What is Genetic Editing and Is It a Problem?
There’s been a recent advance in genetic manipulation that has big implications for livestock. The process is reasonably straightforward, but a theoretical example can help to explain it. Imagine two rams. The first, who we’ll call Lord Ramsington, comes in pretty high in the ranks of sheep, at least from a farmer’s perspective. He’s very friendly, and he sires lambs that grow exceptionally quickly, never get sick, and share his pleasant temperament. We’ll call the second ram in our example Bob. Bob is fine but he cannot stack up to Lord Ramsington. That is, until a few clever interventions are made.
First, while in embryo, Bob has a particular gene either turned off or removed. (I am not well versed enough in all this to confidently get specific.) This leaves him completely healthy but sterile. Then he is injected with sperm stem cells from a donor animal, in this case Lord Ramsington. This process restores Bob’s fertility, with an important asterisk - any offspring he sires will actually be the progeny of the donor animal; Bob becomes a surrogate by which Lord Ramsington is able to be in two places at once, genetically speaking. Imagine a dozen Bobs or a hundred, and the implications become clear. Simple multiplication would allow the advantageous traits in Lord Ramsington’s genome to be spread through the population of sheep far more rapidly than conventional breeding currently allows.
This is a good place to make an important distinction. The process I’m describing is one of genetic editing, rather than genetic modification. The difference is that all this clever alchemy with Lord Ramsington and Bob only ever involves the DNA already contained in the sheep. Unlike, say, glyphosate tolerant crops, the creation of which requires introducing genetic material from a soil bacterium into corn or cotton, the manipulation of my imaginary rams doesn’t involve snippets swiped from a wombat or an eggplant. Theoretically, any results achieved would be possible through conventional selection, albeit over a longer time frame. Another way to think about it is this. If you perform genetic analysis on corn, you will be able to tell whether or not it has been modified. If you perform genetic analysis on the offspring of Lord Ramsington and Bob, not only will both be 100% sheep, but you would be unable to tell which ram sired which lamb.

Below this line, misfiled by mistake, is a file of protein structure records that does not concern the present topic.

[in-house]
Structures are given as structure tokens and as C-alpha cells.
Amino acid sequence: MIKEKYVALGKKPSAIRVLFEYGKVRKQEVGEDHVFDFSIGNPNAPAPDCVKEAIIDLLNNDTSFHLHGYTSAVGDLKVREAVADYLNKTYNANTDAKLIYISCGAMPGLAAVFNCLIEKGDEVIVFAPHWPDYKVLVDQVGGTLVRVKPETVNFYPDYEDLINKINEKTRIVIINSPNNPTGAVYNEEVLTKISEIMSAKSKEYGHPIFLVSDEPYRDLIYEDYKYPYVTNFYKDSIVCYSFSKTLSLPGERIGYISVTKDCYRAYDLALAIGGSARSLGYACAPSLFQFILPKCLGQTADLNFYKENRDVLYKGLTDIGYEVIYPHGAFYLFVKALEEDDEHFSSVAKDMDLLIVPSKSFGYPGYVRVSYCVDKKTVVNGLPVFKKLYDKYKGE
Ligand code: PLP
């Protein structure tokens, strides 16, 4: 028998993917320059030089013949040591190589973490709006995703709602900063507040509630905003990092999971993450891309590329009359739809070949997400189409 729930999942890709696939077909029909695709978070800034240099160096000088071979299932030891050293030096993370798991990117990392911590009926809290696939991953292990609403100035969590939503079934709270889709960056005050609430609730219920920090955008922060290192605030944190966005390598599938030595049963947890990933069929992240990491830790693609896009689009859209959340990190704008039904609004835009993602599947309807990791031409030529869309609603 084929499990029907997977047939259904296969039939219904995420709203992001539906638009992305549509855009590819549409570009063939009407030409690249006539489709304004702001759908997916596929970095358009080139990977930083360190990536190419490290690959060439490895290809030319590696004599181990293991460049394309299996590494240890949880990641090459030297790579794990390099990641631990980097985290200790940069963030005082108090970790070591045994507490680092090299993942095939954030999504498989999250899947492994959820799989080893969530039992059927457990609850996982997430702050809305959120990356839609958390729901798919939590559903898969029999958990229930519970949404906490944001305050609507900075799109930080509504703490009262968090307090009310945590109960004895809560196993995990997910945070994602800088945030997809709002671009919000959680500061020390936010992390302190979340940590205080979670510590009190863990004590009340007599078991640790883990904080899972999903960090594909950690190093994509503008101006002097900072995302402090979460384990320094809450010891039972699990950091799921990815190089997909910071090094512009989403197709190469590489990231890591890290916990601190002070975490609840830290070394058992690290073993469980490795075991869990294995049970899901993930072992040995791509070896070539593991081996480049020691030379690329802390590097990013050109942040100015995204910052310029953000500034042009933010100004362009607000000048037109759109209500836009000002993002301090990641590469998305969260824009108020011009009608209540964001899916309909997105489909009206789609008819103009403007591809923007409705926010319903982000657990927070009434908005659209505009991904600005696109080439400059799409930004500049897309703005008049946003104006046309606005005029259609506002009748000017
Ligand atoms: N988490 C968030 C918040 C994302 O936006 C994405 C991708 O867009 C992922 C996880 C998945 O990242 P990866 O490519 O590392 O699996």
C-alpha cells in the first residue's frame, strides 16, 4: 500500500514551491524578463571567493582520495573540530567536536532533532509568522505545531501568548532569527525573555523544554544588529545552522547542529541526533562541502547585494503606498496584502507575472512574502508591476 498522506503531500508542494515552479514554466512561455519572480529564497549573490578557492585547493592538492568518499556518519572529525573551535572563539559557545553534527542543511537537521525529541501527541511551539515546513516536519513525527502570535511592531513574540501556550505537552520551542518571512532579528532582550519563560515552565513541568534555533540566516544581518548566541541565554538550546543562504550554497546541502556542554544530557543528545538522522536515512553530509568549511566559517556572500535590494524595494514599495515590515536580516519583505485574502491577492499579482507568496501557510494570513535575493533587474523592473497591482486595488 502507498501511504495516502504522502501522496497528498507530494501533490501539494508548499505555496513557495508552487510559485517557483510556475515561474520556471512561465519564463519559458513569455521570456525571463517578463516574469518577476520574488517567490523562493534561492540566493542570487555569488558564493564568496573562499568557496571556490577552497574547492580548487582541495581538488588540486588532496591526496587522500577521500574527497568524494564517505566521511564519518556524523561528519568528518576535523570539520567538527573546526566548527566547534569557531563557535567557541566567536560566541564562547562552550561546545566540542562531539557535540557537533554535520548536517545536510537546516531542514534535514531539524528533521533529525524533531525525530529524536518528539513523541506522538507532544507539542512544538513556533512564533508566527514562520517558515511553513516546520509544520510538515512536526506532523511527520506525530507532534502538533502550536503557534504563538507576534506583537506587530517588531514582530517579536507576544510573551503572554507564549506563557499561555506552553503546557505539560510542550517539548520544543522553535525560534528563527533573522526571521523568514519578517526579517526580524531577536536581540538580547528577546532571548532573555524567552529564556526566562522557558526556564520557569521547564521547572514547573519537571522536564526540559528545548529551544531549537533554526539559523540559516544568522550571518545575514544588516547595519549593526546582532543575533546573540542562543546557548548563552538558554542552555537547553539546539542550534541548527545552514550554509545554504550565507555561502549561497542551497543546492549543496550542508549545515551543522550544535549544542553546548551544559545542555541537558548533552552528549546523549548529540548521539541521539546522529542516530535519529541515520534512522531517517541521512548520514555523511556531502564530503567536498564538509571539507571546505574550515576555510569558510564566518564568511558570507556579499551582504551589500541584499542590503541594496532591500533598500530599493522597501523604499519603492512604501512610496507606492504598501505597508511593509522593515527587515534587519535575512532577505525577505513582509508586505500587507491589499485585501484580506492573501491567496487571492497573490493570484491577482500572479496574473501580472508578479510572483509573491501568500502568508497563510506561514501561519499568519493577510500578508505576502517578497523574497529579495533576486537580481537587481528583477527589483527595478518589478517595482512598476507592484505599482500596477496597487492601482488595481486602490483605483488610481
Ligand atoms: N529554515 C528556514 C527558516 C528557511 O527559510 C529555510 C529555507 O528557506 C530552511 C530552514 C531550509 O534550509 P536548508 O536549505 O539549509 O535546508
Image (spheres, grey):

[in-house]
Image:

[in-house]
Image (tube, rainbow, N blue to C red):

Whether the public at large comes to view genetic editing as meaningfully different from genetic modification remains to be seen. I am particularly interested in this question because of how much opposition to genetic modification focuses on health. The idea that inserting genes from a fish into a tomato might have unintended consequences, from an allergic reaction to some other unexpected impact on health, makes intuitive sense. But if all that’s happening is the rearranging of code within the existing genome of a species, it’s hard to see even a potential problem, and this is doubly so in the case at hand, when the editing is merely a vehicle to facilitate the dissemination of Lord Ramsington’s exceptional qualities, all of which have been achieved through conventional breeding.
I should note here that I have not seen good evidence that even genetically modified crops have negative health consequences. If I grew glyphosate tolerant field corn in mineral rich soil, using organic practices, my guess is that it would be nutritionally indistinguishable from field corn that was genetically identical save for the glyphosate tolerance gene. Of course, this is never what happens in reality. Corn with glyphosate tolerance is instead doused repeatedly with glyphosate, and while this too is a fraught topic, I do believe that pesticides likely have long-term negative health consequences.
Still, as I said, even if there are valid health concerns about the very act of genetic modification, it is much harder to see how they would extend to genetic editing. It’s worth repeating - there would be absolutely no way to tell apart Lord Ramsington’s natural offspring and those of Bob. If opposition to this sort of technology focuses on health, it may prove effective as activism, but I am quite bothered by the fact that it would nevertheless almost certainly be baseless.
So why do we turn to human health as the arbiter of this discussion, and is there a better framework, one that might give our thought more nuance and - if we are lucky - point to an understanding of the world with implications beyond genetic modification and editing? Tune in next week to find out.